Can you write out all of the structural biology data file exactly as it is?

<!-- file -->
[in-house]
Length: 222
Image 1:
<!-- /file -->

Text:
[in-house]
Length: 222
Image 1: